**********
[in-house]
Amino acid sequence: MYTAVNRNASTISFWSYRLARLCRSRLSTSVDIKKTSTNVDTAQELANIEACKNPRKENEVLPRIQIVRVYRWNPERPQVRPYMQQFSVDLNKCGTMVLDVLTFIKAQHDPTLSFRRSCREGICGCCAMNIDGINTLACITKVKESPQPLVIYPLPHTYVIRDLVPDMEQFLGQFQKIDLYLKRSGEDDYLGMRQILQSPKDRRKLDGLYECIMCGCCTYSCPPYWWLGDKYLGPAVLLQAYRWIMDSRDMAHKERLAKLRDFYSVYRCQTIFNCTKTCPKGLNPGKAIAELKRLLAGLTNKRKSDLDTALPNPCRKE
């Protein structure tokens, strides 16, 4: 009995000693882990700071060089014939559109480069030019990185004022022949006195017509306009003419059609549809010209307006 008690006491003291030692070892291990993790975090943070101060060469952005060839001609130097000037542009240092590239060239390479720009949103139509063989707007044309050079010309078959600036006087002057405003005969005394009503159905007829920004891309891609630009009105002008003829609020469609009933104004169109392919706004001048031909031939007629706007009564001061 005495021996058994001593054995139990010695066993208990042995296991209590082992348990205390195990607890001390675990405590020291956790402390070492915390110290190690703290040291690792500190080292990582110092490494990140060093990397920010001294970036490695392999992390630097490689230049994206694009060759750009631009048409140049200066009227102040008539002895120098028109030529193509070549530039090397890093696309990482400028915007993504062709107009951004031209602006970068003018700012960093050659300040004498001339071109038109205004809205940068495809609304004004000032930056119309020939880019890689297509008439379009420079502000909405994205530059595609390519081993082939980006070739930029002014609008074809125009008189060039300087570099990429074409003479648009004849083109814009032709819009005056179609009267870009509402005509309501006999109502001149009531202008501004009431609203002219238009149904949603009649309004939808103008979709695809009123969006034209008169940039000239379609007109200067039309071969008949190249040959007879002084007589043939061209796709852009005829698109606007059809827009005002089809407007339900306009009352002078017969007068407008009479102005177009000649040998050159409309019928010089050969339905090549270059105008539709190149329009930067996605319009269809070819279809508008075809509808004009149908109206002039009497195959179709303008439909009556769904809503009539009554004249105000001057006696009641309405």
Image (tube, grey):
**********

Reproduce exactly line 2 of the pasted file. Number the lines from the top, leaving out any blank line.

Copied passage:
Amino acid sequence: MYTAVNRNASTISFWSYRLARLCRSRLSTSVDIKKTSTNVDTAQELANIEACKNPRKENEVLPRIQIVRVYRWNPERPQVRPYMQQFSVDLNKCGTMVLDVLTFIKAQHDPTLSFRRSCREGICGCCAMNIDGINTLACITKVKESPQPLVIYPLPHTYVIRDLVPDMEQFLGQFQKIDLYLKRSGEDDYLGMRQILQSPKDRRKLDGLYECIMCGCCTYSCPPYWWLGDKYLGPAVLLQAYRWIMDSRDMAHKERLAKLRDFYSVYRCQTIFNCTKTCPKGLNPGKAIAELKRLLAGLTNKRKSDLDTALPNPCRKE